Solitary Reform Shows Power of Brain Science to Change Policy


susan-dreyfus-225Citing research and data on the negative impacts of solitary confinement on the human mind and spirit, President Obama has banned the use of solitary confinement in federal prisons for juveniles. The hope is that for now, this policy will serve as a model for state correctional systems to adopt as well.

Sen. Cory Booker, D-New Jersey, is also working to prohibit widespread juvenile solitary confinement. Booker teamed with Sen. Rand Paul, R-Kentucky, to introduce the Record Expungement Designed to Enhance Employment Act of 2015 to the U.S. Senate. This legislation raises the age of criminal responsibility and restricts the use of juvenile solitary confinement.

Both of these examples and others across the country tell us that the compelling brain science is finally starting to make its way into the formation of policies — and we need to keep it going.

Studies have documented that the effects of solitary confinement on young people are damaging and lasting. Organizations such as the American Civil Liberties Union, United Nations and American Academy of Child and Adolescent Psychiatry have suggested or supported prohibition of the practice.

It’s very promising to see counties, states, the federal government and our president use science and data to begin to reform the criminal justice system in our country — one that impacts the lives of more than 2 million individuals and close to 1 million children each year.

Using science to support certain types of policy is a very welcome advance, and one that the Alliance for Strong Families and Communities proposes will move the needle on a wide range of challenges we face. Indeed, there is more brain science available that has broad applicability beyond criminal justice that we believe can be successfully aligned to create better policies that ensure a safer and more positive future for our children, families and adults.

Today we know how both positive and negative experiences can alter brain architecture and change the way we interact and respond to our environments, including how we relate to each other. We also know how chronic, negative experiences at home and in the community in childhood can alter the brain, affecting everything from health and education to employability. There is great possibility for success in aligning our policies with how the brain is shaped and formed to build stronger people, and in turn more sustainable communities.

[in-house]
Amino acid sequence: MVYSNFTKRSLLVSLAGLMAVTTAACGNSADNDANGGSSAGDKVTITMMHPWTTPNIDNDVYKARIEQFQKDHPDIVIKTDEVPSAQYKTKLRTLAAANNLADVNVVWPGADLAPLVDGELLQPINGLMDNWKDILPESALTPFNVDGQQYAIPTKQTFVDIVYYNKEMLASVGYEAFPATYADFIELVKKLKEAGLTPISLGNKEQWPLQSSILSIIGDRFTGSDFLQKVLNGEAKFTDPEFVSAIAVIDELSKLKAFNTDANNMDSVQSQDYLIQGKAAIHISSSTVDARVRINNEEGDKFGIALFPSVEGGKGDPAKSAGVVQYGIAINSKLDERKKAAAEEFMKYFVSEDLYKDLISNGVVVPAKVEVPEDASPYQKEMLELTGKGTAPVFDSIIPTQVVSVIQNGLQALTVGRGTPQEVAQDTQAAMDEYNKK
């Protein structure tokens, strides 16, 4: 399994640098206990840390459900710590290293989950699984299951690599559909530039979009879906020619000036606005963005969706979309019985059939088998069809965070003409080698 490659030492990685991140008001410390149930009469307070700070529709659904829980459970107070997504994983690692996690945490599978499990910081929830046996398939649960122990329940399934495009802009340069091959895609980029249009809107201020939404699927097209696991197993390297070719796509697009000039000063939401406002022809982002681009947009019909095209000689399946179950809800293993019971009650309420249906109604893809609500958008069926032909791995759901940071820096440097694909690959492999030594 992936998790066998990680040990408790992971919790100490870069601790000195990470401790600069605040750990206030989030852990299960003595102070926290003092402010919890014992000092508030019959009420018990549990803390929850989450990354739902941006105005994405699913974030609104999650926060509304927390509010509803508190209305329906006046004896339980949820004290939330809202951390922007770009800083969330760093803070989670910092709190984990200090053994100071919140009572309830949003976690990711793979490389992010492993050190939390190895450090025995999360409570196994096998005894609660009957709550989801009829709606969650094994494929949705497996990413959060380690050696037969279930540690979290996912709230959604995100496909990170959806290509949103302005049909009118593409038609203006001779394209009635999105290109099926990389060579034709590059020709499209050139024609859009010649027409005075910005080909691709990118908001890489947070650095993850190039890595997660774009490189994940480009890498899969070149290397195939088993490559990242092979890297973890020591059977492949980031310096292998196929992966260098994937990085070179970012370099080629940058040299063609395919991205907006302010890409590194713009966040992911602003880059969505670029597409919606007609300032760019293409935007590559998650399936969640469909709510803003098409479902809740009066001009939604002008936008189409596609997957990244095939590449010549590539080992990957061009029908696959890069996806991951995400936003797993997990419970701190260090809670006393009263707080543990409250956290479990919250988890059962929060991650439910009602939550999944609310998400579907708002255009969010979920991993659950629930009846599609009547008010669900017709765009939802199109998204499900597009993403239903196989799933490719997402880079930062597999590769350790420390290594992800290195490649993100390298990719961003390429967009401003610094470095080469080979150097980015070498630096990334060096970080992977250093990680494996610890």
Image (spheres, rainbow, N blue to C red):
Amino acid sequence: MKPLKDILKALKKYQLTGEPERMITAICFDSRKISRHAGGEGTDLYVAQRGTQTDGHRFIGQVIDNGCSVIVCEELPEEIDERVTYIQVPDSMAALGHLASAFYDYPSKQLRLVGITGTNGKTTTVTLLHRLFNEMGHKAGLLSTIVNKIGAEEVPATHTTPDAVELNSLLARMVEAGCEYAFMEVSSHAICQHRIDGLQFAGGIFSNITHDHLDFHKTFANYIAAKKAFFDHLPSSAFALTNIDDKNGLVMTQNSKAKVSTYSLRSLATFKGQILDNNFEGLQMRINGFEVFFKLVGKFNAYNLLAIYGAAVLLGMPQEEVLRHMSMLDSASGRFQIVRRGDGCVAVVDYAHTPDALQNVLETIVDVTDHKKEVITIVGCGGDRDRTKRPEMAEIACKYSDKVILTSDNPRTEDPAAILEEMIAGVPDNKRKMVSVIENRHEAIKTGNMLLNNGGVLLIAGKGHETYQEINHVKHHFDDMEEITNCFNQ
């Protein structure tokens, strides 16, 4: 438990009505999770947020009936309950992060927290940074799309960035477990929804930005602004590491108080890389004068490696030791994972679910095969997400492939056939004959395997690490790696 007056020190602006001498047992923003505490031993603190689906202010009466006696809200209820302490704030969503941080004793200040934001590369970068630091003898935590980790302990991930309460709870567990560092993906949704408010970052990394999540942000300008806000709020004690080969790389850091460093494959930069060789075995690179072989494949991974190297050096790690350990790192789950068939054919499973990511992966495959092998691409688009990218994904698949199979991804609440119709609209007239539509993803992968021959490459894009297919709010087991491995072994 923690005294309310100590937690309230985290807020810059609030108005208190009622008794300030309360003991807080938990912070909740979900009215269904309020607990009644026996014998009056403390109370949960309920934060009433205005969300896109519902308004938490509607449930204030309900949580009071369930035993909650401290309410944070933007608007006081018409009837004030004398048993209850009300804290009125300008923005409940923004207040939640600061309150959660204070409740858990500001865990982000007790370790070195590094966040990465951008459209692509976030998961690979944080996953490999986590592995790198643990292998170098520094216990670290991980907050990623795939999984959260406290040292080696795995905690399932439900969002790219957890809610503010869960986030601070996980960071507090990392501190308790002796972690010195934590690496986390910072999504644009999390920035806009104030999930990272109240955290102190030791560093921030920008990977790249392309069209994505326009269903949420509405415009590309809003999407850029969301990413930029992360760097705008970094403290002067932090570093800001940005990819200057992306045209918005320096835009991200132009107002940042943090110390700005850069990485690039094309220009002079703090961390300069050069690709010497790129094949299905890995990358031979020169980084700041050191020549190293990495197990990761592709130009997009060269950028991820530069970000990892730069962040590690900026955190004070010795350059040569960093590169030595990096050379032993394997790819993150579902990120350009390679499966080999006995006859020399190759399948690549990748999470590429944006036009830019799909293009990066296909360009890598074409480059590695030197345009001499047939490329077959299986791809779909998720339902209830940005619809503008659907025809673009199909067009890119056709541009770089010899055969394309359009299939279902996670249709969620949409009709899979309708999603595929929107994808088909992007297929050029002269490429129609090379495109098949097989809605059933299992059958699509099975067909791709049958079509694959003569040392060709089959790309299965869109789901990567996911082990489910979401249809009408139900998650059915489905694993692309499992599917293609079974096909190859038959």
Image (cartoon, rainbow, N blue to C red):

The Alliance’s Change in Mind Initiative is advancing the science. Funded by the Robert Wood Johnson Foundation and the Palix Foundation, 15 community-based organizations in the U.S. and Alberta, Canada, the initiative is now studying the integration of brain science research into the nonprofit sector. Each will demonstrate, through their leadership and advocacy power, the role of our sector as influenLearn more about community-based alternatives and disproportionate minority contact at the Juvenile Justice Resource Hubcer to alter systems and change policies.

We believe, if done correctly, science-informed policy will not just help solve some of society’s most vexing challenges, but will over time lower the cost curves in areas such as health to allow us to make deeper investments in prevention, stronger families and better communities that are key to accelerating the economic health of our nation.

Susan Dreyfus is the president and CEO of the Alliance for Strong Families and Communities, the nation’s largest network of human-serving organizations. She is the former secretary for the Washington State Department of Social and Health Services and Wisconsin’s first administrator of the Division of Children and Family Services. She is a member of Leadership 18, a coalition of CEOs from the largest and most respected nonprofit organizations in America, and was appointed to the 12-member National Commission to Eliminate Child Abuse and Neglect Fatalities in 2013.

One thought on “Solitary Reform Shows Power of Brain Science to Change Policy”

  1. I’m on board with trauma informed policy, prevention, and correction. I think what is equally important is being more open towards solutions that are still gathering data on their effectiveness. Somatic solutions have copious amounts of anecdotal evidence, and some include individual empowerment leading to more self-regulating of emotion and choices, ultimately a desired outcome for an offender. We have essentially used the same tools for many decades, and still we find ourselves in an unenviable position. Aside from being informed, we need more inclusive forms of treatment, more so if they don’t require any devices, medications, or re-experiencing of past events.

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